|Christopher M. Meyer is the standards communicator of the South African Bureau of Standards. In his role at the SABS, he is responsible for ensuring that information on newly published standards reaches the right public.
Memorandums of Understanding
ASTM International has signed 39 memorandums of understanding with the national standards bodies of developing nations around the world. The purpose of the program is to promote communication between ASTM International signatory NSBs, promote knowledge of each other’s standards development activities, facilitate greater worldwide participation in the ASTM standards development process, and facilitate the development of national standards that will aid each country’s health, safety, environmental and economic conditions.
||The Use of ASTM Standards in South Africa
This piece begins a series of articles on the use of ASTM International standards by the countries with whom it has signed memorandums of understanding.
As a former British colony occupying the southernmost tip of Africa, South Africa has, for historical reasons, been far closer commercially to the United Kingdom and Europe than to the United States.
The beginning of large-scale standardization in South Africa grew out of the discovery of gold in the Witwatersrand at the turn of the century. As mining began, so did the need to import a wide range of diverse machinery from around the world. Mine managers soon realized that they had to standardize their purchases and specify requirements in order to bring together and use equipment from different sources.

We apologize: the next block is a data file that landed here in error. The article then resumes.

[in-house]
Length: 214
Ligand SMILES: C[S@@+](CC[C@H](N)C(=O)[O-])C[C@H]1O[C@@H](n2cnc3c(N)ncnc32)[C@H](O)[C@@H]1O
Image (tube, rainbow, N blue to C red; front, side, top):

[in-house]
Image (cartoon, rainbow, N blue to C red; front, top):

One of the first attempts to formalize standardization occurred in 1905, when the Transvaal Chamber of Mines appointed a committee to investigate problems in connection with the standardization of machinery and other mine equipment. This committee failed, largely due to a lack of scientific and technical backup. In short, there were no facilities to undertake the necessary tests and no reliable, standardized test methods.
A similar problem surfaced again in 1909, when a committee was established to test engineering and building materials and to adapt British materials specifications for local conditions. The work of this committee, the Committee for the Standardization of Specifications for SA Materials, soon ground to a halt during its first project, the standardization of building bricks. Because the government of the day would not allow its equipment, the only equipment available at the time, to be used on the thousands of bricks that had been prepared for testing, the project had to be abandoned.
Subsequently, various local initiatives in standardization emerged, including:
• The formation of an Engineering Standards Committee in 1910;
• The South African branch of the British Engineering Standards Association, formed in 1918 and renamed the South African branch of the British Standards Institution in 1931; and
• The establishment of the South African Standards Institution in 1934.
The South African Bureau of Standards, or SABS, founded officially on Sept. 1, 1945, was modeled on the British Standards Institution’s “one-stop shop,” whereby testing, certification and the writing of standards were integrated into one national organization. Only in 2002 was there a formal separation of the commercial and non-commercial components of the SABS, a move that led to the establishment of Standards South Africa as the standards-generating arm of the SABS.